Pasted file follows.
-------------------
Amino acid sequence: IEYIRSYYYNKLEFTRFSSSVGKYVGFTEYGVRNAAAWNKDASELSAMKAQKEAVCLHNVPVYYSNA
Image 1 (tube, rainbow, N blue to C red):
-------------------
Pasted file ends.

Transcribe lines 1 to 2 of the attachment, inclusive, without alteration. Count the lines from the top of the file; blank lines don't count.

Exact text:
Amino acid sequence: IEYIRSYYYNKLEFTRFSSSVGKYVGFTEYGVRNAAAWNKDASELSAMKAQKEAVCLHNVPVYYSNA
Image 1 (tube, rainbow, N blue to C red):